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Despite all the research and writing on the B2B buyer’s journey, quite a lot of B2B marketers still believe that “my buyers aren’t looking for us in search.”
Their assumption is that the customer in a position to buy a six- or seven-figure (or larger) piece of equipment or service is going to be deeply experienced and already know who the main providers are, and that’s who they're going to request bids from. The evidence suggests otherwise.
Farming machinery isn’t necessarily the coolest product on the planet, so it’s good to see a B2B like Massey Ferguson doing interesting things with content, especially when compared to rivals like John Deere, which arguably has wider recognition.
I’ve been taking a look at the tractor company’s website and social feeds to get a feel for how it uses content to engage with a particularly niche market.
Incidentally, you wouldn’t believe how hard I’ve struggled to avoid using the phrase ‘content farm' in this article...
And for more on this topic, download Econsultancy's B2B Content Marketing Trends Briefing 2014.
Since 2010, mobile’s share of ecommerce traffic has grown from 3.5% to 36.9% with mobile revenue rising from $2bn to $42bn.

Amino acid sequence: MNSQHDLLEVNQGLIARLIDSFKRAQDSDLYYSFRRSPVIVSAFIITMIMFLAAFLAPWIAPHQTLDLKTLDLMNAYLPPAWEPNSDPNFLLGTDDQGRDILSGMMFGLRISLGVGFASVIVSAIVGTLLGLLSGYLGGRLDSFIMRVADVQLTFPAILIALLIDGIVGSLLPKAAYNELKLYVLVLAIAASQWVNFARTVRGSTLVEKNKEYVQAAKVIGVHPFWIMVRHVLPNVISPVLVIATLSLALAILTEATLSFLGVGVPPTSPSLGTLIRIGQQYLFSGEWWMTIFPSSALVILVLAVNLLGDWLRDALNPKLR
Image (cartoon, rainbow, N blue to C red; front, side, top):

Knowing where, and how, to get customers to embrace this growth will separate your online store from the rest of the pack.
As an online retailer, you know it would be foolish to ignore mobile, but knowing where to start can be tricky.
Earlier this year, I wrote a post looking at some of the best ecommerce sites around, picking out aspects of these sites that others could learn from.
As the vast majority were B2C, some commentors challenged me to find similarly good examples of B2B ecommerce sites.
I've asked the Econsultancy team, found a few myself, and here we are.
Some are listed because they offer a great all round experience, others because they do a particular thing very well (navigation, copywriting, and so on).
Shipping and engineering are inherently cool.
I thought I'd take a quick scoot through the websites of General Electric, Siemens and Maersk and check out what sorts of content they provide to market.
It's by no means an exhaustive journey, but hopefully it will give you some links to check out and some inspiration for your own B2B content.
These behemoth sized B2B companies, in the case of Maersk, make great use of their heritage. For GE and Siemens, the task is more about appearing imaginative and innovative and almost appearing as synecdoche or at least flag bearer for particular industries, i.e. an indisputable authority.
Let's take a look.
Prosumer is a portmanteau of professional and consumer.
I first came across it writing a blog post on the secret to mobile startup success.
There are many startups that begin as consumer focused businesses before unveiling an enterprise product.
It strikes me this often leads to a successful B2B product, so I thought I’d look at Uber (and briefly Airbnb) and discuss what B2B companies can take from a prosumer model.
Do you ever wonder which social network is best for B2B marketing?
Me too, so I did some audience research and found some surprising results.
Here's how you can do it too.